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How to renew your mortgage before the deadline

07 May 2018 by National Bank
end of term mortgage renewal useful tips

It’s true that taking out a loan to buy a house is a big moment in your life, but renewing your mortgage should be right up there in terms of importance. See how you can plan ahead so that things work in your favour.

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If you buy a property with a 25-year amortization period and a 5-year term, that means that you’ll have only four opportunities to re-evaluate your needs with an advisor: each time your mortgage is up for renewal.

“As you go through different stages of your life, it’s especially important to use the time between terms to get an understanding of what avenues are open to you,” says Louis-Philippe Ménard, Product Manager, Financial Solutions, at National Bank. Take advantage of these key moments to evaluate your options before renewing your mortgage loan.

1 Plan your mortgage renewal in advance

When your mortgage is up for renewal, be ready for it. Your financial institution should inform you 90 days before the term us up and provide you with a few options.

“Three months gives you plenty of time to get in touch with an advisor and discuss your needs and opportunities with them,” says Louis-Philippe Ménard. Even if you’re a month out from renewing, it’s not too late to reassess your strategy—in fact, it’s highly worth it.

 

2 Consider your needs

First things first: Take the time to think about your life and your upcoming projects so that you can determine the best reimbursement strategy based on your future goals.

Do you need to lower your payments because of the tuition fees that you’ll be paying over the next several years? Or because you want to put more money in your investments? Are you thinking about buying a secondary residence? Or do you want to pay off your mortgage as fast as possible? The frequency of your payments, the length of the term and the type of rate—fixed or variable—are all factors that you need to take into consideration when you’re planning your reimbursement strategy.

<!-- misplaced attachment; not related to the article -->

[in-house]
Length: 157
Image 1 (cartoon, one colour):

For example, if you’re in a position where you can up your current monthly payment, you could decide to opt for an accelerated bi-weekly payment. Because there are 52 weeks in a year, you could make 26 payments of $500 instead of 12 payments of $1,000, which comes out to one extra monthly payment every year. This method reduces your amortization period and, in turn, lowers the amount that you pay in interest.

“Your mortgage renewal really is the time to ask yourself these questions and discuss your options with an advisor,” says Louis-Phililppe Ménard. The objective is to see if your original strategy is still relevant or if you’re better off redefining it and adjusting your repayment plan accordingly.

 

3 Decide if you’re going with a fixed or a variable rate

Interest rates have been going up since 2017, which influences the mortgage rates that are offered. When the Bank of Canada raises its key lending rate, financial institutions generally raise their prime rates as well, which serve as a reference point for negotiating variable mortgage rates.